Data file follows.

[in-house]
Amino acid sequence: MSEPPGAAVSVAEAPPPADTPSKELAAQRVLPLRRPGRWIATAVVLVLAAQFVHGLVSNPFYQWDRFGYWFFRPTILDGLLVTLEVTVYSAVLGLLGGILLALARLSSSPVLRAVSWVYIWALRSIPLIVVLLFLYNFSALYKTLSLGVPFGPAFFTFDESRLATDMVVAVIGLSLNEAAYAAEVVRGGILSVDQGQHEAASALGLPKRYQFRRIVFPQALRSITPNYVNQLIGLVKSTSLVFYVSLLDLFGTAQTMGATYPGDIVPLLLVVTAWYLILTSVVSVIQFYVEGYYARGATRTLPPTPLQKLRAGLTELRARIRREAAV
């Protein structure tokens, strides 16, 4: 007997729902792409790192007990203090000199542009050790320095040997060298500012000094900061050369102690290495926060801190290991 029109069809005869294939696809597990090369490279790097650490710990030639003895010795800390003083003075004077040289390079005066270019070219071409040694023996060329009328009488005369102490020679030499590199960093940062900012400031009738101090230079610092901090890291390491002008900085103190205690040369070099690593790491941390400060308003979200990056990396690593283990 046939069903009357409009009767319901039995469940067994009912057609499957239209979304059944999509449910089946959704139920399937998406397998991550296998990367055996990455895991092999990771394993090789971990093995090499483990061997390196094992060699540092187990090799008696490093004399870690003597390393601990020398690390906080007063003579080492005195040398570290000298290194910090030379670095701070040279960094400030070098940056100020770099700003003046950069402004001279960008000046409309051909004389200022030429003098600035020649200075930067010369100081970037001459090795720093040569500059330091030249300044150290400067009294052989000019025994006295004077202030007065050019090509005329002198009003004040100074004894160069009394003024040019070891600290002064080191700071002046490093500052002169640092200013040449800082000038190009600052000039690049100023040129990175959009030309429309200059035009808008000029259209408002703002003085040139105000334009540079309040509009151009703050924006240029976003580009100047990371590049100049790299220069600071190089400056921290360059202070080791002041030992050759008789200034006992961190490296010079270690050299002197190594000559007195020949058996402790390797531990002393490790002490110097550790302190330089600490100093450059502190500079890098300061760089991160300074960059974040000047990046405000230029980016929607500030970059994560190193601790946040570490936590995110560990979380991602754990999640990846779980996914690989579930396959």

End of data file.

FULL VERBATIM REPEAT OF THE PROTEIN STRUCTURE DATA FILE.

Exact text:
[in-house]
Amino acid sequence: MSEPPGAAVSVAEAPPPADTPSKELAAQRVLPLRRPGRWIATAVVLVLAAQFVHGLVSNPFYQWDRFGYWFFRPTILDGLLVTLEVTVYSAVLGLLGGILLALARLSSSPVLRAVSWVYIWALRSIPLIVVLLFLYNFSALYKTLSLGVPFGPAFFTFDESRLATDMVVAVIGLSLNEAAYAAEVVRGGILSVDQGQHEAASALGLPKRYQFRRIVFPQALRSITPNYVNQLIGLVKSTSLVFYVSLLDLFGTAQTMGATYPGDIVPLLLVVTAWYLILTSVVSVIQFYVEGYYARGATRTLPPTPLQKLRAGLTELRARIRREAAV
């Protein structure tokens, strides 16, 4: 007997729902792409790192007990203090000199542009050790320095040997060298500012000094900061050369102690290495926060801190290991 029109069809005869294939696809597990090369490279790097650490710990030639003895010795800390003083003075004077040289390079005066270019070219071409040694023996060329009328009488005369102490020679030499590199960093940062900012400031009738101090230079610092901090890291390491002008900085103190205690040369070099690593790491941390400060308003979200990056990396690593283990 046939069903009357409009009767319901039995469940067994009912057609499957239209979304059944999509449910089946959704139920399937998406397998991550296998990367055996990455895991092999990771394993090789971990093995090499483990061997390196094992060699540092187990090799008696490093004399870690003597390393601990020398690390906080007063003579080492005195040398570290000298290194910090030379670095701070040279960094400030070098940056100020770099700003003046950069402004001279960008000046409309051909004389200022030429003098600035020649200075930067010369100081970037001459090795720093040569500059330091030249300044150290400067009294052989000019025994006295004077202030007065050019090509005329002198009003004040100074004894160069009394003024040019070891600290002064080191700071002046490093500052002169640092200013040449800082000038190009600052000039690049100023040129990175959009030309429309200059035009808008000029259209408002703002003085040139105000334009540079309040509009151009703050924006240029976003580009100047990371590049100049790299220069600071190089400056921290360059202070080791002041030992050759008789200034006992961190490296010079270690050299002197190594000559007195020949058996402790390797531990002393490790002490110097550790302190330089600490100093450059502190500079890098300061760089991160300074960059974040000047990046405000230029980016929607500030970059994560190193601790946040570490936590995110560990979380991602754990999640990846779980996914690989579930396959």